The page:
How to Meditate
By Chris Brown
Meditation has been used for thousands of years to reduce stress, build mental strength and resilience, increase attention span, improve memory and concentration, lower blood pressure, and improve sleep quality. There is even evidence that regular meditation increases longevity and maintains a sharper brain into old age. Meditating seems like a great idea, but starting a meditation practice can be an intimidating concept.
For those who thrive off external guidance, there are an innumerable amount of guided meditation videos available online. However, if you decide to take the plunge solo, there's an easy-to-learn method of meditation that lets you stay disconnected from your electronic devices.
The Multitude of Meditation Styles
There are many different methods of meditating from guided to mantra meditation. The style that works best for each person depends upon their disposition and meditation goals. Meditations usually are intended either for calming purposes (which promotes concentration and inner peace) or to ruminate upon a particular topic (or mantra) in the hopes of gaining insight. However, one of the simplest meditation methods to learn and regularly perform is the calming, unguided, breath technique.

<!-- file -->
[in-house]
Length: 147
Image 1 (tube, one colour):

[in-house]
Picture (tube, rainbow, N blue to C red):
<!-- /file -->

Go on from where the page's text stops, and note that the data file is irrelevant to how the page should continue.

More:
The Easy Beginner's Mindfulness Breathing Meditation
The breath meditation technique helps you to calm your mind and control your errant thoughts by mindfully focusing your attention on your breath. To start a breath meditation, simply follow the below:
- Sit comfortably in a quiet location (if possible)
- Set a timer for your meditation period (5-10 minutes is a good length for beginners)
- Close your eyes
- Pay attention to the timing and temperature of your breath as it goes in and out
- If you notice your mind wandering from your breath, kindly bring your attention back to your breathing
- Once the time has completed, and your alarm as gone off, end the session by noticing how your body now feels
The most important thing to keep in mind when first starting a meditation practice is to not get discouraged by errant thoughts. Oftentimes, meditation newbies become frustrated when constant thoughts intrude upon their sessions. This is normal and doesn't mean that the meditation wasn't effective. Practicing meditation improves your mind's ability to focus and, like most valuable skills, it takes consistency and regular practice to become proficient. Eventually, your mind will get into the habit of quieting down and allow you to go longer and longer in a thought-free, meditative state.
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